CDK9 is the kinase subunit of positive transcription elongation factor b (P-TEFb) that enables RNA polymerase (Pol) II’s transition from promoter-proximal pausing to productive elongation. Although considerable interest exists in CDK9 as a therapeutic target, little progress has been made due to lack of highly selective inhibitors. Here, we describe the development of i-CDK9 as such an inhibitor that potently suppresses CDK9 phosphorylation of substrates and causes genomewide Pol II pausing. While most genes experience reduced expression, MYC and other primary response genes increase expression upon sustained i-CDK9 treatment. Essential for this increase, the bromodomain protein BRD4 captures P-TEFb from 7SK snRNP to deliver to target genes and also enhances CDK9’s activity and resistance to inhibition. Because the i-CDK9-induced MYC expression and binding to P-TEFb compensate for P-TEFb’s loss of activity, only simultaneously inhibiting CDK9 and MYC/BRD4 can efficiently induce growth arrest and apoptosis of cancer cells, suggesting the potential of a combinatorial treatment strategy.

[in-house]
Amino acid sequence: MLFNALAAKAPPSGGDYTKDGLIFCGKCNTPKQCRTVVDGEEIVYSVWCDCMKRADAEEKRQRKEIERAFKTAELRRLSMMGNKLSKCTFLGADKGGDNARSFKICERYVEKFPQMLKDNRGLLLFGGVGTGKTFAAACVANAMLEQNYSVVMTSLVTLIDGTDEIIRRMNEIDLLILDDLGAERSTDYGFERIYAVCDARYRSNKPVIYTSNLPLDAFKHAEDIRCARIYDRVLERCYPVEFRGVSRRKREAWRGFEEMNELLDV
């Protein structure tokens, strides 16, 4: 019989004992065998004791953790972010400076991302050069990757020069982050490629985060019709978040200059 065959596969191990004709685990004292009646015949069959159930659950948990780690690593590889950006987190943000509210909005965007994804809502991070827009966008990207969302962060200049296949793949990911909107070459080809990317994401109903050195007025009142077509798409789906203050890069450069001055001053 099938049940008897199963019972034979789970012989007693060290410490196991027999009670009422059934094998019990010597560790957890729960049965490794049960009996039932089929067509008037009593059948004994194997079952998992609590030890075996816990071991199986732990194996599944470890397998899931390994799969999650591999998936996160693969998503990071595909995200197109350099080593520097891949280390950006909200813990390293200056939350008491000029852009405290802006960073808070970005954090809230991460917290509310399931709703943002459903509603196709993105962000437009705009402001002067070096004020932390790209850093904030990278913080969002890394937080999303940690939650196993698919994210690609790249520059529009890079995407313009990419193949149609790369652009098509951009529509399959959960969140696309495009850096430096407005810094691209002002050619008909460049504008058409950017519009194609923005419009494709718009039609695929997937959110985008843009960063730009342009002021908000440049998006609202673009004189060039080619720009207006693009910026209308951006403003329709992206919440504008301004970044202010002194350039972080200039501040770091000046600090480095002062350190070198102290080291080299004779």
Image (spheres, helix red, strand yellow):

Lu, H., Xue, Y., Yu, G. K., Arias, C., Lin, J., Fong, S., … Zhou, Q. (2015). Compensatory induction of MYC expression by sustained CDK9 inhibition via a BRD4-dependent mechanism. ELife, 4(JUNE2015). https://doi.org/10.7554/eLife.06535